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Aurora Australis from Beerbarrel Beach, by James Stone. Runner Up: Aurorae. (Photo by James Stone/Astronomy Photographer of the Year)

Aurora Australis from Beerbarrel Beach, by James Stone. Runner Up: Aurorae. (Photo by James Stone/Astronomy Photographer of the Year)
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14 Sep 2019 00:05:00
Astronomy Photographer Of The Year 2013 Part1

The Royal Observatory just announced its Astronomy Photographer Of The Year 2013 winners. Australian photographer Mark Gee was chosen among a thousand amateur and professional photographers around the globe to win the top title. His work is part of an exhibition of the winning photographers, which opened on Sept. 19 at the Royal Observatory Greenwich. The Royal Observatory shared with us the winners and notable mentions of the competition. Their descriptions of the prizewinners can be found below the images.
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04 Oct 2013 11:45:00
The Milky Way rises above an isolated lighthouse in Tasmania. Shot by James Stone of Australia. (Photo by James Stone/Astronomy Photographer of the Year 2018)

The competition is run by Royal Observatory Greenwich sponsored by Insight Investment and in association with BBC Sky at Night Magazine. This year astrophotographers from 91 countries sent in more than 4,200 spectacular entries. Here: The Milky Way rises above an isolated lighthouse in Tasmania. Shot by James Stone of Australia. (Photo by James Stone/Astronomy Photographer of the Year 2018)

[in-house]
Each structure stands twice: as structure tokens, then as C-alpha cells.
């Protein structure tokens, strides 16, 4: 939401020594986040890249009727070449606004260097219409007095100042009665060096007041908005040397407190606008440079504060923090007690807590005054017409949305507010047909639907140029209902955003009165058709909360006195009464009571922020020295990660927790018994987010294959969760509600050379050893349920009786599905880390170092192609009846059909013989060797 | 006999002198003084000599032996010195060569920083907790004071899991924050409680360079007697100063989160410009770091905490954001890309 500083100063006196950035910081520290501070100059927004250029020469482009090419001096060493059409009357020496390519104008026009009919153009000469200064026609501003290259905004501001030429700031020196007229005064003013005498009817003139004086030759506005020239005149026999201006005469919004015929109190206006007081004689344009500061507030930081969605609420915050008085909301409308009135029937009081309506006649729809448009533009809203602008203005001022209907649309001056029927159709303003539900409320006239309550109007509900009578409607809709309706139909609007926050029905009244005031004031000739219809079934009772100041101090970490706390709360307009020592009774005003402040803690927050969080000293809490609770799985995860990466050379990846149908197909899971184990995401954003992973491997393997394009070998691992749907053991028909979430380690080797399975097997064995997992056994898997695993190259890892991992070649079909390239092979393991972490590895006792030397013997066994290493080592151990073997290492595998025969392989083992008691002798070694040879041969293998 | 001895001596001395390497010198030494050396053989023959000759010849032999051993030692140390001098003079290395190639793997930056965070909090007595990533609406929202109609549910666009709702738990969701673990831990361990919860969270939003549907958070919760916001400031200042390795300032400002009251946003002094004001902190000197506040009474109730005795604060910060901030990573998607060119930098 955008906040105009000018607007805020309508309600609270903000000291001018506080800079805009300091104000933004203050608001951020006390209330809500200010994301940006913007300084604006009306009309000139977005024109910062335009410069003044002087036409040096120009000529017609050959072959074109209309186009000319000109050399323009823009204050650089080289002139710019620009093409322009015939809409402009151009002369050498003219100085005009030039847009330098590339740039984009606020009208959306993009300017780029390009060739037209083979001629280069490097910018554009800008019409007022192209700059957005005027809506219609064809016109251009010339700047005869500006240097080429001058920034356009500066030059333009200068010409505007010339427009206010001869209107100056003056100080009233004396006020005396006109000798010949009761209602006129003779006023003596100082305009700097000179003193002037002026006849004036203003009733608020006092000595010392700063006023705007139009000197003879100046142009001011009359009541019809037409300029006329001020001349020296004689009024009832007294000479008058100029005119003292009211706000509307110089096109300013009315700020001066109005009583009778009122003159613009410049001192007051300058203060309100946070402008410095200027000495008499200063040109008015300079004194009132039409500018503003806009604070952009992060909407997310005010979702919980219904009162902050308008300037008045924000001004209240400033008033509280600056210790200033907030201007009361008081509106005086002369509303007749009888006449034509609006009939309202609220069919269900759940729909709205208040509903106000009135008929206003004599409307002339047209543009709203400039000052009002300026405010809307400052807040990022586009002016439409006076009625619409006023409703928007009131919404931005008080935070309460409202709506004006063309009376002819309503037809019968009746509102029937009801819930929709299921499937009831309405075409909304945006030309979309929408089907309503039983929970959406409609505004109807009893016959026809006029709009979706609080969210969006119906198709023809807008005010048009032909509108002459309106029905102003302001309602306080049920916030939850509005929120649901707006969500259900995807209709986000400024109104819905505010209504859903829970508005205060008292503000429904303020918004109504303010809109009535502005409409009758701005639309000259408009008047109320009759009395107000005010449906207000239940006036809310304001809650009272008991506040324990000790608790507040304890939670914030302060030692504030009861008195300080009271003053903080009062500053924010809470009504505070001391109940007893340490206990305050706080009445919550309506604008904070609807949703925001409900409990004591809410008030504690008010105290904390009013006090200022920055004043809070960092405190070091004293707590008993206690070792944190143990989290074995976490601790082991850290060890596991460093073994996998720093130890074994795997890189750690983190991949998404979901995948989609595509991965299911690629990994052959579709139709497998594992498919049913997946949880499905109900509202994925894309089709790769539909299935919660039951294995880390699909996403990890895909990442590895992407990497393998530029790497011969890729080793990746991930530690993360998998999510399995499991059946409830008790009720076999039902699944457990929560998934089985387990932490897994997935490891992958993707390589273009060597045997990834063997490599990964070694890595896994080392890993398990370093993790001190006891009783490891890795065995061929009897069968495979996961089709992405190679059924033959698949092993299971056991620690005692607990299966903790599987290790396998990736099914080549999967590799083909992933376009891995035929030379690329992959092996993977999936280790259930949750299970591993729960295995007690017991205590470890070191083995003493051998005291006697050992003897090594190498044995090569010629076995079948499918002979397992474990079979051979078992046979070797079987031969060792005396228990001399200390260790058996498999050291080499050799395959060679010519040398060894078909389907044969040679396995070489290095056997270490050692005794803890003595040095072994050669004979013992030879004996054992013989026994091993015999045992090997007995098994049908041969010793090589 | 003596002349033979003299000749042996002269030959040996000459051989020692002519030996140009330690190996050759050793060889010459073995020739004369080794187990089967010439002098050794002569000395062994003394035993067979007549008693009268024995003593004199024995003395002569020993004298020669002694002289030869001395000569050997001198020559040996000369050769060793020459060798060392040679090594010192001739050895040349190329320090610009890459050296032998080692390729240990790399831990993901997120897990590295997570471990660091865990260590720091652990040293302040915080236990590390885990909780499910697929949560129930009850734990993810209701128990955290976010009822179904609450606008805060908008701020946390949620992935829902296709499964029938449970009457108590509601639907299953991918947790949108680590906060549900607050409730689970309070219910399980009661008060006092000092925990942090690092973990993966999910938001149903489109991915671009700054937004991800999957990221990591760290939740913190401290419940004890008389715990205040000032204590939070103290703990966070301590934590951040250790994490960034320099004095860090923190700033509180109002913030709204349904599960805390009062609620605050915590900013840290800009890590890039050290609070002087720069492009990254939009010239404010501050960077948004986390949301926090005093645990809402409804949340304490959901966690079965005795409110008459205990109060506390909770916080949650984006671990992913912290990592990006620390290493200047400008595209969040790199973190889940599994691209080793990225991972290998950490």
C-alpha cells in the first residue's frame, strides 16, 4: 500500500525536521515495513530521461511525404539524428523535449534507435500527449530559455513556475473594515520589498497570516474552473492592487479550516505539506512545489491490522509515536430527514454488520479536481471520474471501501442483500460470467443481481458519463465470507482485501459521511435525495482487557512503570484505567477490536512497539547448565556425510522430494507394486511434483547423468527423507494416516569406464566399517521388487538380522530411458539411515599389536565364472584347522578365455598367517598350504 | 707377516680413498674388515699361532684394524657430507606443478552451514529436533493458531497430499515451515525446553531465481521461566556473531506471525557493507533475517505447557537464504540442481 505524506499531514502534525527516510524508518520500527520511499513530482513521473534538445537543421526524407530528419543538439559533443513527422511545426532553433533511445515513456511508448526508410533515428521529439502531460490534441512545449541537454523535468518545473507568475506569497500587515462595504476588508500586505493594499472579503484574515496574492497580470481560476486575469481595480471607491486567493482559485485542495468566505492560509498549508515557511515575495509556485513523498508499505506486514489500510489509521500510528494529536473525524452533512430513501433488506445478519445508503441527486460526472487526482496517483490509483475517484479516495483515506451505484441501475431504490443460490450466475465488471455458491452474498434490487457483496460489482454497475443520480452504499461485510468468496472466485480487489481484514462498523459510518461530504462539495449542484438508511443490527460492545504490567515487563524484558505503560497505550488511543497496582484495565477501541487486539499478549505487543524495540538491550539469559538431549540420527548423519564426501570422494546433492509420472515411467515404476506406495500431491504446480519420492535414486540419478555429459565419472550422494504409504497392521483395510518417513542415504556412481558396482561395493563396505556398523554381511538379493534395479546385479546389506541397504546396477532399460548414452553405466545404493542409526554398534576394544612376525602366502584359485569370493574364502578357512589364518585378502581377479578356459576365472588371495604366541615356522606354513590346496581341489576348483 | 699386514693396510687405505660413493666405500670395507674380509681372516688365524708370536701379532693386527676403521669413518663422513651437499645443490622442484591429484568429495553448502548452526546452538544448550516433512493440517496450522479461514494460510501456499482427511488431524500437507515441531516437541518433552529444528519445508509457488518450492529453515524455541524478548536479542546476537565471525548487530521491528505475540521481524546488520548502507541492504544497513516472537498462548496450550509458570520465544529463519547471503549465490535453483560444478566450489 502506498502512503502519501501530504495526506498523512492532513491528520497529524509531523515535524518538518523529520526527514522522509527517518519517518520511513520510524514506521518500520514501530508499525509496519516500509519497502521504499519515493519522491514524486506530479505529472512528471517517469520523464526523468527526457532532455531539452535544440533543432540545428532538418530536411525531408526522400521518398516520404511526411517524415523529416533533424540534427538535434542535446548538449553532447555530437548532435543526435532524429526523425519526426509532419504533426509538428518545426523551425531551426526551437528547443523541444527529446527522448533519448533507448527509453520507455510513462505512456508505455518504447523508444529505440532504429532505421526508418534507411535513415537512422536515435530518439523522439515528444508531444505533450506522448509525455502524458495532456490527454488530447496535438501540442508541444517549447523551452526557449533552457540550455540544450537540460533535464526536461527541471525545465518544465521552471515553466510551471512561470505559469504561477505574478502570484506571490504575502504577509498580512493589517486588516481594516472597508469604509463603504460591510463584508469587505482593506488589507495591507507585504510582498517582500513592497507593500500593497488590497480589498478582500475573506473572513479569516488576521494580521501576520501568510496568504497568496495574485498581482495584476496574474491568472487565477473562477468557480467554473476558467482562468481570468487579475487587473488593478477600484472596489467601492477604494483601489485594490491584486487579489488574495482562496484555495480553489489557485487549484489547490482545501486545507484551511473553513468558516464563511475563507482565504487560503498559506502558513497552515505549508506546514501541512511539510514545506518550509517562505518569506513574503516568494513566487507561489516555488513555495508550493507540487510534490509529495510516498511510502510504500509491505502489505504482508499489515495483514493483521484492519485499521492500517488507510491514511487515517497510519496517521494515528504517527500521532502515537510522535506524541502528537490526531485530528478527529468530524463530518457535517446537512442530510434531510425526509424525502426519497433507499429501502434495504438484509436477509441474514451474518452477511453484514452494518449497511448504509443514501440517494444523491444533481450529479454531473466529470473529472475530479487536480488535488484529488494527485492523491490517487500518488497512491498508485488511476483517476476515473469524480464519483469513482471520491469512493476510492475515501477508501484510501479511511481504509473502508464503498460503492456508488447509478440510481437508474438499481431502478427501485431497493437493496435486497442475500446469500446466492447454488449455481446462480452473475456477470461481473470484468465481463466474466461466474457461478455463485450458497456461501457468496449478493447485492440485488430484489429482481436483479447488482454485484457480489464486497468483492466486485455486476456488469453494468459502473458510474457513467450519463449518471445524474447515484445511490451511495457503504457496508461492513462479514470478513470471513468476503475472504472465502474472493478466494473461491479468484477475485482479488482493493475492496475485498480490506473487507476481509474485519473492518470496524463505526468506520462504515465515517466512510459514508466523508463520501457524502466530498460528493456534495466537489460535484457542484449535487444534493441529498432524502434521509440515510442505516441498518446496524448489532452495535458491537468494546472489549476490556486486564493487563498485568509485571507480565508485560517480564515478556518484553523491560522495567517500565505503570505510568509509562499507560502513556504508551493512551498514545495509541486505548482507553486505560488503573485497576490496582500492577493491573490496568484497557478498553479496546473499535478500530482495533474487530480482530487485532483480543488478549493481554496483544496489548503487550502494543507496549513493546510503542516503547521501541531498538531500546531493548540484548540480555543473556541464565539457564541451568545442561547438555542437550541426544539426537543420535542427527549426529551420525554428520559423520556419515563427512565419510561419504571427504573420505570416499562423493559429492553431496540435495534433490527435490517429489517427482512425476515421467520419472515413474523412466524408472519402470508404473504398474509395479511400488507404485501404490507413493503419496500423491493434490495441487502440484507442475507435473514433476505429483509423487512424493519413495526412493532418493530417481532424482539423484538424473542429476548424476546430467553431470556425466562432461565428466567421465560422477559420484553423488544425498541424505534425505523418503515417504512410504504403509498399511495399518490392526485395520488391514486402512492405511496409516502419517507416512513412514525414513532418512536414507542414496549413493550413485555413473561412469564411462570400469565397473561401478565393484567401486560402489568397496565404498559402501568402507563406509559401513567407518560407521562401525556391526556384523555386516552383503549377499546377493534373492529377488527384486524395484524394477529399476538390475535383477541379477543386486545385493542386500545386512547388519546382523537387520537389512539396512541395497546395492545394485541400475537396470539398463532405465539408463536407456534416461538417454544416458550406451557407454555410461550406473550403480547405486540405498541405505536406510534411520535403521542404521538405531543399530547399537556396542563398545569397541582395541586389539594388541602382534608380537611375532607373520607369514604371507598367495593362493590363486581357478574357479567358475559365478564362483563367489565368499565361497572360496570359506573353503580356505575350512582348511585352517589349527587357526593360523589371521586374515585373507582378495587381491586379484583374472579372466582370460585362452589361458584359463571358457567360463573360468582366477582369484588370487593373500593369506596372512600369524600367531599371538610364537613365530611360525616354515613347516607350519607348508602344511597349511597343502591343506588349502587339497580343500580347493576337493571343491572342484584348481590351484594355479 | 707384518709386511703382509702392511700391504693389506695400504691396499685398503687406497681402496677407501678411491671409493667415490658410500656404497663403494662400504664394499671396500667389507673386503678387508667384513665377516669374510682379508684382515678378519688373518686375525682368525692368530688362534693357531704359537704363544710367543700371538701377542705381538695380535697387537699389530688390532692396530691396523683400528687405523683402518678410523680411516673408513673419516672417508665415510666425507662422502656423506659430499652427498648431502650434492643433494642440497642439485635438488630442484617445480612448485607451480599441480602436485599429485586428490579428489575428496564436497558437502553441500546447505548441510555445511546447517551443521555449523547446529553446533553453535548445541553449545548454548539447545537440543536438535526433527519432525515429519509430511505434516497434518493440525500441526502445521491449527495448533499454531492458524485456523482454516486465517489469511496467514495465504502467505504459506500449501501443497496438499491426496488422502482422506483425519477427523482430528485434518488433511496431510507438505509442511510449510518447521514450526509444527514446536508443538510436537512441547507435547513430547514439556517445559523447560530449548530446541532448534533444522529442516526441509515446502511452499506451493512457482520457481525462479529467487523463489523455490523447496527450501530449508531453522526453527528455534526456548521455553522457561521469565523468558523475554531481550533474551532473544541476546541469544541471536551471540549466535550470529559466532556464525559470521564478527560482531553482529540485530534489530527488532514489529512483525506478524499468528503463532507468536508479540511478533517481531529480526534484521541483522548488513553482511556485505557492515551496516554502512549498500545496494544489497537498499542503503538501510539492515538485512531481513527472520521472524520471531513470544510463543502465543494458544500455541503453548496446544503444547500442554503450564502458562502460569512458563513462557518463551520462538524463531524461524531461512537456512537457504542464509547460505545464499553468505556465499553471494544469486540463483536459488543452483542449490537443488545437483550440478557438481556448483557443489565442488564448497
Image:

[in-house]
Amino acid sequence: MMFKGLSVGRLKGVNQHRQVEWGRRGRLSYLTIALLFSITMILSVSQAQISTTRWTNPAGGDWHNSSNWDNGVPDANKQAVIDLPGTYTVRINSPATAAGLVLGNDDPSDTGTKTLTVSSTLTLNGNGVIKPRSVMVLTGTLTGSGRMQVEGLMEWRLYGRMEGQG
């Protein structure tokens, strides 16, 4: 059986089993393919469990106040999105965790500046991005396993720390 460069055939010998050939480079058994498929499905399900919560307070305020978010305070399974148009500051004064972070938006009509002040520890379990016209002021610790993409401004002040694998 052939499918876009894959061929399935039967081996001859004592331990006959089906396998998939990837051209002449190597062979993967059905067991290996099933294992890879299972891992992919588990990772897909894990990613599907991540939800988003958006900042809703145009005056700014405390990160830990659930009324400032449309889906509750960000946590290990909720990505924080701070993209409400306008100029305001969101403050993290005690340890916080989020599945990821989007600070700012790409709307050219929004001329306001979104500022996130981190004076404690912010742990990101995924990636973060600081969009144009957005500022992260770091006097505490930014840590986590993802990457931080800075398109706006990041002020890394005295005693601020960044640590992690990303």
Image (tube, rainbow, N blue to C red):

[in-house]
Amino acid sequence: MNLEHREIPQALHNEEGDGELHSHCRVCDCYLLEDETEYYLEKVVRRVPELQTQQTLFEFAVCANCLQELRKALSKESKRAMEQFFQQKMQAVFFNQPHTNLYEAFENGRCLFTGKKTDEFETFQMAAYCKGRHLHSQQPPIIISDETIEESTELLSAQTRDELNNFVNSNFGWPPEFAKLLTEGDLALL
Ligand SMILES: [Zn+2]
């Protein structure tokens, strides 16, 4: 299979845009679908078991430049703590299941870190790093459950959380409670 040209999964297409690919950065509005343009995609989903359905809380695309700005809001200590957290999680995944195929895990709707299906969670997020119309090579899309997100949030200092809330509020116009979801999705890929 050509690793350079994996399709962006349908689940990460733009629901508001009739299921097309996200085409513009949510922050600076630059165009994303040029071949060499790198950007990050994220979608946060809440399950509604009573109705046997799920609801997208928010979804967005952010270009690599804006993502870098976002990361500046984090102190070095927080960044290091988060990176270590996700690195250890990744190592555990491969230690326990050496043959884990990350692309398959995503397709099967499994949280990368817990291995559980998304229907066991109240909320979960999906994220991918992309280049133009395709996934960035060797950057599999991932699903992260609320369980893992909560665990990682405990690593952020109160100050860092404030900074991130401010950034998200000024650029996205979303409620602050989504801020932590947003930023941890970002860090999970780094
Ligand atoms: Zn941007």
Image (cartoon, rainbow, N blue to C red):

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20 Jul 2018 00:05:00
Astronomy Photographer Of The Year 2013 Part2

The Royal Observatory just announced its Astronomy Photographer Of The Year 2013 winners. Australian photographer Mark Gee was chosen among a thousand amateur and professional photographers around the globe to win the top title. His work is part of an exhibition of the winning photographers, which opened on Sept. 19 at the Royal Observatory Greenwich. The Royal Observatory shared with us the winners and notable mentions of the competition. Their descriptions of the prizewinners can be found below the images.
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05 Oct 2013 12:23:00
Centre of the Heart Nebula by Ivan Eder (Hungary). Situated 7500 light years away in the ‘W’-shaped constellation of Cassiopeia, the Heart Nebula is a vast region of glowing gas, energized by a cluster of young stars at its centre. The image depicts the central region, where dust clouds are being eroded and moulded into rugged shapes by the searing cosmic radiation. (Photo by Ivan Eder)

The competition, which is run by the Royal Observatory Greenwich in association with BBC Sky at Night Magazine, is now in its sixth year and has received over 2,500 entries. Photo: Centre of the Heart Nebula by Ivan Eder (Hungary). Situated 7500 light years away in the “W”-shaped constellation of Cassiopeia, the Heart Nebula is a vast region of glowing gas, energized by a cluster of young stars at its centre. The image depicts the central region, where dust clouds are being eroded and moulded into rugged shapes by the searing cosmic radiation. (Photo by Ivan Eder)